5. The deputy testified that appellant was “not able -- he was sitting in the front passenger seat of my patrol vehicle while I was speaking with him and he could never get comfortable” and “constantly shifting in the seat and crossing his arms and he couldn't sit still, even for just a few minutes.”
6. A translator was present during the suppression hearing.
7. We say “apparently” because the deputy was not asked to describe whether the cologne was on appellant's person or somehow sprinkled throughout the car.
8. Incidentally, and somewhat frustratingly, cigarette smoke can often be encountered in unexpected locations. It is not uncommon to enter a non-smoking hotel room only to smell wisps of burnt tobacco lingering in the drapes, carpet and walls. The same is true of rental cars and smoke hidden in their seats visors, headliners, or any other fabric to which the burnt tobacco molecules may attach. Indeed, appellant was free to smoke in the rental car he drove here if he cared to pay a $250 cleaning fee, according to the rental agreement. Sadly, people ignore no smoking signs, but because they do does not mean they are dealing drugs.
9. To the extent that the State may utilize the discovery of drugs in the car doors to bolster the supposition that the windows did not work, we must remember that the pertinent facts are those which an objective officer knew before detaining the suspect. Information obtained after the detention is irrelevant. If this were not so, then the eventual discovery of contraband alone would be enough to justify the stop, but that is not how the Fourth Amendment works.
10. Other instances did not even appear in the record. For instance, the State represents in its appellate brief that the rental agreement indicated the car was not to leave Florida. That the agreement says as much is true. The suggestion that such was a factor considered by the deputy is not. The deputy testified that he secured the rental agreement from appellant. When he did so was not disclosed. Nor did he testify that he read it before deciding to continue appellant's detention and search for drugs. That someone later stumbled upon the provision cannot be used to justify the search. The same is true regarding its comment that appellant “could not roll down the window.” As illustrated earlier, the deputy admitted that appellant did not try to roll it down. Nor did he try to do so before searching the vehicle.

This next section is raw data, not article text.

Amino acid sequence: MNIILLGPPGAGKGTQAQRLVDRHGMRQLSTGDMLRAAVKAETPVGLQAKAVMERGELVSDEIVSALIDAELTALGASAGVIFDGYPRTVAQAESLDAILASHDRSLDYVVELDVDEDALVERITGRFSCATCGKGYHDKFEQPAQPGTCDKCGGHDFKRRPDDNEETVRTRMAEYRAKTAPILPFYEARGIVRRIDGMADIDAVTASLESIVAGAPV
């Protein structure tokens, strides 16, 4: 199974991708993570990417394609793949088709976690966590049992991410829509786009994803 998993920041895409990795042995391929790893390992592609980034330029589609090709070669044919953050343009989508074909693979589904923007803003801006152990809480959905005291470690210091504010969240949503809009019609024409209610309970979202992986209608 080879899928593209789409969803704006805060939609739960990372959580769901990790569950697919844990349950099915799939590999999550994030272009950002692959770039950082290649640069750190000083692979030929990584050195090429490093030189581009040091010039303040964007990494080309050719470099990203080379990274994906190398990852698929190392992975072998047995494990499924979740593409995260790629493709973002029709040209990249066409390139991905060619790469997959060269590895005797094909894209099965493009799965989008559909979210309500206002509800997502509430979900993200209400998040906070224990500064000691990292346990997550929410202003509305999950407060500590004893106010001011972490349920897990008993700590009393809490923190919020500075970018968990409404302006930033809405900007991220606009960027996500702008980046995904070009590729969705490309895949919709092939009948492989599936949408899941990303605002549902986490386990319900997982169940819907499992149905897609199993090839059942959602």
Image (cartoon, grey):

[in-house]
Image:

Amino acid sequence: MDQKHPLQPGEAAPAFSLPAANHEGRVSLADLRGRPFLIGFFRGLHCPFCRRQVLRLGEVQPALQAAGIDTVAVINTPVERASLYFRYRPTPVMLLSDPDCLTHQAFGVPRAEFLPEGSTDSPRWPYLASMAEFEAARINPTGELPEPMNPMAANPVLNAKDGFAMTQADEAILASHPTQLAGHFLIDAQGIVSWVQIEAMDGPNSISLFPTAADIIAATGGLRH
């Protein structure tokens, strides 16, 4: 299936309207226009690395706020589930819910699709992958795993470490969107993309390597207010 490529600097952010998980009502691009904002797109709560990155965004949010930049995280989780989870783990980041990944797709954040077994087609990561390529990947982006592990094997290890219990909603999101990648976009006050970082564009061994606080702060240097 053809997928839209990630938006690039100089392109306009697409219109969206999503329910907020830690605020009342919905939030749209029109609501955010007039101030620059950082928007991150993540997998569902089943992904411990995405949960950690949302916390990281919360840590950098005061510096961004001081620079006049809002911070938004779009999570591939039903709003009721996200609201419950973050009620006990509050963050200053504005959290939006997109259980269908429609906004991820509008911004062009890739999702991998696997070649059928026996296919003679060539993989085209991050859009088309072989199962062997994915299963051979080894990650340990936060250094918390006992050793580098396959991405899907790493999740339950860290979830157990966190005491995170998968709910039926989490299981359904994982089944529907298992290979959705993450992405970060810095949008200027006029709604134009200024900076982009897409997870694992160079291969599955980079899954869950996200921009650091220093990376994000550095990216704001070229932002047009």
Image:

11. We do not attempt to comment on the deputy's credibility. Indeed, we assume that what he says is true. Our decision is based upon the failure to establish the reliability of his opinions regarding the significance of the facts before us. More is needed than simply an invitation by the State to blindly accept what he says.
1. The deputy's direct testimony at the motion to suppress hearing contains the following exchanges:Q. Okay. And how long have you been employed with the Potter County Sheriff's Office?A. For nine years.Q. Okay. And what are your job duties?A. Right now, I'm assigned to the Criminal Intelligence Unit and I mainly work the highway and interdiction functions.Q. Okay. And is that sort of like patrolling; that you're out on the streets in your car every day?A. Yes, ma'am.Q. And are you a licensed peace officer with the State of Texas?A. Yes.Q. And have you been a licensed peace officer the entire time that you've been hired with the Potter County Sheriff's Office?A. I was a jailer for a short period, about two years -- well, it was about a year -- and then I got my peace officer license.Q. Okay. So how long have you been a peaceofficer in Texas?A. Over eight years.